Henry Winkler spent all his life determined to be an actor. There was no plan B; he wasn’t sure how it was going to happen, but he knew he needed to try.
One week after moving to California, he found himself at Paramount Studios auditioning for the part of Arthur Herbert Fonzarelli, better known as “The Fonz,” in the ABC sitcom “Happy Days” (1974-1984).
Winkler told the full capacity audience at the Kent State University at Stark Conference Center Wednesday night to never underestimate a child’s potential.
“If people are born to do something, then I was born to try to be an actor,” Winkler said in an interview before the event. “I was told I would never get here. I was told that I was stupid, and I was told that I was lazy. They told me I would never be much in my life.”
As time went on, playing the adored character “The Fonz” set the foundation for the rest of his life. He has since continued his acting career, successfully producing and directing many films and shows. He is also a best-selling children’s book author.
Years after “Happy Days”, he noticed his stepson, Jed, struggling in school in similar ways he had in his own childhood. After a disability test, Winkler discovered that Jed had dyslexia, a learning disability that affects reading and language-based processing skills.
Winkler quickly realized why school had been exceptionally hard for him as a child.
“At 31, I figured out that I had something with a name,” Winkler said. “I was dyslexic, and it was hereditary. All of that humiliation was for nothing. It’s amazing to me.”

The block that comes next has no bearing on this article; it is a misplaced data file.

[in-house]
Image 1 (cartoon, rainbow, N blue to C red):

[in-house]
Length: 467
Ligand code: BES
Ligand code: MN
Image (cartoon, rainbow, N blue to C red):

Inspired by this, Winkler began writing the series “Hank Zipzer: The World’s Greatest Under-Achiever.” These books are inspired by his own life and difficulties with dyslexia.
“These books are my biggest accomplishment,” Winkler said to the crowd. “They are printed in nine different languages and we’ve sold over 9 million copies.”
Much of his inspiration came from the void of support he received from his parents as a child.
They were austere German immigrants and unsympathetic to his academic struggles. Winkler spent the majority of his younger years punished for his poor grades.
He explained the importance of valuing children and recognizing their accomplishments instead of their faults.
“I needed my parents to be proud when I wasn’t successful,” Winkler said. “I needed their support when I was confused.”
Carol Cauley, a single mother of seven children, related to Winkler’s speech because of her experience with dyslexic family members.
“I always thought he was a good actor, but I had no idea about him being dyslexic,” Cauley said. “I thought his talk was very sincere and wasn’t anything that I expected. Everything he said about raising children is true.”
Winkler repeatedly told the audience that humans are all amazingly powerful, because every word they say creates an impression on a child. He stressed that children try as hard as they can and that people need to ensure that each child understands their strengths.
For Marlington Middle School seventh grader Luke Mayes, Winkler’s message hit home.
“He talked a lot about how he overcame obstacles to discover his talent, and it’s really inspirational,” Mayes said. “I feel like he was telling me that I have a lot of talent that I haven’t discovered yet.”
Winkler left the audience with one important piece of advice:
“When negative thoughts come into your mind, you say, ‘I’m sorry, I’ve got no time for you now.’ Don’t put a period on the end of a negative thought. When it becomes your habit to cut off negative thoughts, your life changes.”
Winkler spoke at Kent State Stark as part of Stark’s Featured Speaker Series. A list of speakers can be located on Kent State Stark’s website.
Natalie Meek is the south regional campuses and aerospace reporter. Contact her at [email protected]